Follow
Share

Physically violent lewy body dementia. We had been in a Common Law relationship living in a home only I own, and he began having Dementia symptoms which became much worse. He suddenly began attacking me ( punching me in the face, brandishing knives, breaking down doors ( he is a former pro football player and I am a 100 lb woman) all violence has been based on delusional beliefs ( he thought I was sleeping with a man who died 20 years ago, etc.) I am working with Social Services and an Attorney to serve a Restraining Order and get him out of my home, however.....When he is not in a Lewy Body fugue, he seems fairly mentally competent, although his memory loss issues are profound and he often cannot recite his address or age. Without my caregiving, he would not eat or take his meds or even bathe. He cannot drive, has already crashed two of our cars and can't find his way back from 2 blocks away. It has been a month since I started the PO process and my understanding is, he might be too competent to move into assisted care, nor would he agree to it. I am terrified of him and even more terrified of what will happen when they serve the PO. I would just leave, even though it's MY house, but not only might he burn it down either on purpose or by accident, now I'm given to understand that I would be liable of abandoning a dependent adult. He only has a very small SSA income and my income isn't much more. I am just as terrified that even if they are able to put him somewhere, he will leave and come after me, a PO will be meaningless. I guess my question is, how do they keep a Dementia patient from just walking out of assisted care if he so chooses?

This question has been closed for answers. Ask a New Question.
So many great comments, Jeannegibbs, thank you, this was one of the options that Social Services suggested and may be the key. Givingitall, you're right, it's difficult to interpret meaning with text, and your original comment did bother me, that I was coming across as seeking an easy way out without any regard for the other person when it's really just the opposite....I'm frantic to find the best option but I have no way of paying for it , our combined income is $24,000 a year, and I cannot continue live in utter fear of a person I used to trust. To everyone asking about the football angle. He played briefly for the Cincinnati Bengals in the early 1960's, was injured and back then there wasn't a golden parachute like there is now. Also, one more thing I should add....we are very rural, I raise livestock on a farm for income, neighbors are few and far between, and it takes the police 20 minutes just to come up the road. Thank you to everyone taking the time to offer thoughts and suggestions....it does help to learn from other ideas.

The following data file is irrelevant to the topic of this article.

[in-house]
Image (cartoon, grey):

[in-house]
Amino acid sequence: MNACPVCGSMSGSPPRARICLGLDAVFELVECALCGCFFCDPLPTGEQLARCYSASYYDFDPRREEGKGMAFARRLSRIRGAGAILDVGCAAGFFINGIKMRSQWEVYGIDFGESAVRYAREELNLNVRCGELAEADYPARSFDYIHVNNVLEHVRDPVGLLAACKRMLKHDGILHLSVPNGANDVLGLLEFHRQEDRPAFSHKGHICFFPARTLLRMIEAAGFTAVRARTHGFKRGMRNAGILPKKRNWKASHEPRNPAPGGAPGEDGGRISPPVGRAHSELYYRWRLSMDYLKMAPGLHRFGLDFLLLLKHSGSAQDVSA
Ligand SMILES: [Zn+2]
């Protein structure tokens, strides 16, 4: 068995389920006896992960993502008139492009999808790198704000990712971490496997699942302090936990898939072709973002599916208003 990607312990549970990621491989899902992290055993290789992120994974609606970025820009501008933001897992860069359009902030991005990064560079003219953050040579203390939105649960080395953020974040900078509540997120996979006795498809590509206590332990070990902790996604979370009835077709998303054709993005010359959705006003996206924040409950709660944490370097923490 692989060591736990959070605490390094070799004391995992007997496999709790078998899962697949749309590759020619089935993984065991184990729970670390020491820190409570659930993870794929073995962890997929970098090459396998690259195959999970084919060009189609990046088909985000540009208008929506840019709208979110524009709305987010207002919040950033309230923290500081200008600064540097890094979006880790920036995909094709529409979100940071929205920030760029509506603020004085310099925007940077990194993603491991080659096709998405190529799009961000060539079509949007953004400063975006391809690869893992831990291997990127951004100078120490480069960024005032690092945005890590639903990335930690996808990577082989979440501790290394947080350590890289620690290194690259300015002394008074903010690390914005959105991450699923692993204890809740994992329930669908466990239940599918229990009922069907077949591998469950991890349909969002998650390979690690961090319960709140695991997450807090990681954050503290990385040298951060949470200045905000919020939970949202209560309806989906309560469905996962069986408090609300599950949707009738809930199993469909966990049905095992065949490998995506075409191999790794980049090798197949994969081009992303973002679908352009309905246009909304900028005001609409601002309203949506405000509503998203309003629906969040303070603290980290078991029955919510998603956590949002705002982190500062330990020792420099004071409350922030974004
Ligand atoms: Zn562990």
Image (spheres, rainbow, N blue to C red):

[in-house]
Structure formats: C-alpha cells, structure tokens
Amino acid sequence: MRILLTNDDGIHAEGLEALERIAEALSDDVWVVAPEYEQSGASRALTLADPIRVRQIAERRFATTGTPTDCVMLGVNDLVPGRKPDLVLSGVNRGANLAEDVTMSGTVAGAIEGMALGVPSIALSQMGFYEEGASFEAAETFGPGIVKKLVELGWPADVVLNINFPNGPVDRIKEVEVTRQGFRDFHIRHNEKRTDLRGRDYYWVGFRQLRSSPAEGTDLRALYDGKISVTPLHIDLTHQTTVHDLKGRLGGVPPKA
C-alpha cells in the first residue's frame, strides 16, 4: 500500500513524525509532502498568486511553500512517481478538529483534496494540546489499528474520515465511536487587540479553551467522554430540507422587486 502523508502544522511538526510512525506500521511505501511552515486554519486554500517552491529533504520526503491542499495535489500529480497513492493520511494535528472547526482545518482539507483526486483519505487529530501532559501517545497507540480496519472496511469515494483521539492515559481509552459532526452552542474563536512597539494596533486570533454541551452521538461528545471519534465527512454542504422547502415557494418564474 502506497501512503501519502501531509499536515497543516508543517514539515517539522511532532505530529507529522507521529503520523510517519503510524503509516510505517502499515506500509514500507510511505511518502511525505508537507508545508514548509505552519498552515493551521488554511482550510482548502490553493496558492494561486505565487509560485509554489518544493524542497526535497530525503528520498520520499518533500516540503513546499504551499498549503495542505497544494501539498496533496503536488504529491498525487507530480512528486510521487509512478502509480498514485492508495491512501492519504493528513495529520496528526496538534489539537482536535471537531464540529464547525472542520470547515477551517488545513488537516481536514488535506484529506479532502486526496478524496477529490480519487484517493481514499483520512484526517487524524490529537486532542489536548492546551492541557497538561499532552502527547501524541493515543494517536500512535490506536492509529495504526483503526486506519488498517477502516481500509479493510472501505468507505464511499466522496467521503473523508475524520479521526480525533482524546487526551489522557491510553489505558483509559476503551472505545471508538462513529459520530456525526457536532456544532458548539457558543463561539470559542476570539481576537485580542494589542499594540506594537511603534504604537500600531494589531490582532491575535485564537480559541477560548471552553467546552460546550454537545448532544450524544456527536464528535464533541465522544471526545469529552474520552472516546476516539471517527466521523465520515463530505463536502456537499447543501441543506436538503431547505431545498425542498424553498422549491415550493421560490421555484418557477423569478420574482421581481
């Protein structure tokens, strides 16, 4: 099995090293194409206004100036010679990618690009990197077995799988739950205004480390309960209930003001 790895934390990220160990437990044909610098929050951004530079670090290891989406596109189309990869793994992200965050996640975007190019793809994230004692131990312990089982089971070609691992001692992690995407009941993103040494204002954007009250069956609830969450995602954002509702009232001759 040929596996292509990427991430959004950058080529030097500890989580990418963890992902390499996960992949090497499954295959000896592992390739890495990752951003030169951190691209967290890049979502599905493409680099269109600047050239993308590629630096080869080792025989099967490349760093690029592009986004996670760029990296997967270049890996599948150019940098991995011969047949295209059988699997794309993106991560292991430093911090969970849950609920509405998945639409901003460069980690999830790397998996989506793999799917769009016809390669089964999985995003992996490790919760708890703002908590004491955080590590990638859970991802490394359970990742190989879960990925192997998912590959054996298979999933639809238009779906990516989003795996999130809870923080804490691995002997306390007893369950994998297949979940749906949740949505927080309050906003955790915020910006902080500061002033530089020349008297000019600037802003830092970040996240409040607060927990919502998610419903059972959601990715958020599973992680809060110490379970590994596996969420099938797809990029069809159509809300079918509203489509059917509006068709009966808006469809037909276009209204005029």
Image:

Helpful Answer (0)
Report

I hope you have some relatives who can come to your side for support and comfort
You are doing the right thing to protect yourself and to find him help - if he has little income it is however unlikely you will be able to afford private pay memory care - I hope social services can help find a proper placement

There was an article written by robin Williams wife which appeared in the press this month and was published in a neurology journal - it details how quickly and severely he was inflicted by LBD -

My heart goes out to you
Helpful Answer (2)
Report

If he was a pro football
player, try contacting the league. Several studies and law suits have been done siting the long term effects of head injuries occurring to players during games and practices - and how it effects their mental health for the rest of their lives. Find an attorney who will help you approach the league for help and/or consider a law suit.